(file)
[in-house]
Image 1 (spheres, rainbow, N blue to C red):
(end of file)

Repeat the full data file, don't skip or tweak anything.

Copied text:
[in-house]
Image 1 (spheres, rainbow, N blue to C red):